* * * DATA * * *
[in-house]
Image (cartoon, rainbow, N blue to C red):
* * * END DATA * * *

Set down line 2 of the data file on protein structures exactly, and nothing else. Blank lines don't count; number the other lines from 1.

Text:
Image (cartoon, rainbow, N blue to C red):